According to McCormack, the average person speaks about 150 words per minute, much fewer than the 750 words per minute the human brain can process. It’s easy to see how a listener’s mind can wander if you’ve failed to draw them in. Be sure to let the other person know what you’re about to say will only take a moment of their time, and be clear, concise and compelling. They’ll be less likely to tune out if they know your idea is packaged tightly.

Discipline

You need to exercise discipline when crafting your message. Preparing an outline of what you are going to say will keep you organized and increase your ability to put everything into context. Don’t be afraid to build in elements such as short stories or visuals, and incorporate humor if possible.

Plot out your BRIEF presentation using the following steps:

1. Background – Outline the background of why you’re speaking today
2. Relevance – Deliver the headline with your takeaway message
3. Information – Set out three key points or elements you’ll be discussing
4. Ending – Signal you’re finished and outline your next steps
5. Follow-Up – Anticipate any questions and finish by covering those points

When having a conversation, there are also ways to keep it on track and under control. Allow the other person to speak and listen with interest, and when a natural pause arises, jump in with open-ended questions to hone in on the information most important to you. Never approach a conversation like a monologue.

Decisiveness

Timing is everything, and knowing when and where to deploy a compact and quick statement can really pay off. Simple and intentional moves like keeping an email short enough it can be read in 30 seconds, or setting the time limit on a meeting to 20 minutes can dramatically increase engagement. In fact, McCormack notes if you say less, people are more likely to agree with you, which can pay big dividends on a sales call. Here’s 10 key moments when you should deploy a succinct strategy:

1. Meetings
2. Social media and email
3. Presentations
4. Sales Pitches
5. Explaining big ideas
6. Information conversations
7. Hiring interviews
8. Delivering good news
9. Delivering bad news
10. Giving updates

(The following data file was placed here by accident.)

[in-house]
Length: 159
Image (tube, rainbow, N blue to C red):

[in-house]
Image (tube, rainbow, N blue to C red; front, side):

There’s a good reason that McCormack uses the catch phrase, “Be better. Be brief.” Distractions abound, so set yourself up to be heard.

“Treat brevity as responsibility, empathy and respect; become a lean communicator,” writes McCormack. “Imagine if you had something important to share with someone who was running out the door to catch a train with little time to spare. Treat all people like that, even when they’re not in a hurry.”

– See more at: http://schooleymitchell.com/english/pulse/pulse_article.php?id=133#sthash.WoAVzPCm.dpuf

Professionals are more pressed for time than ever. You must be able to deliver your message succinctly to cut through the noise and make your mark. Brevity is the new standard in business today, says author and entrepreneur Joseph McCormack.

In his new book Brief: Make a Bigger Impact by Saying Less, McCormack argues those who thrive in today’s attention-deficit economy are masters of lean communication, which gives them a competitive edge. Their ideas are heard loud and clear, and they always stand out from the crowd.

“Successful people demand brevity and don’t tolerate it when it’s missing,” writes McCormack. “Busy people quickly lose patience when their peers and subordinates cannot get to the point. If you’re buried under hundreds of emails and are in meetings all day, you don’t have time to waste on people droning on.”

Brevity is so much more than the conciseness of expression. It’s a fine balance between the length of the message and its ability to cause a person to act on it. According to the author, to craft brief and persuasive messages you must master three main areas: awareness, discipline and decisiveness.

Awareness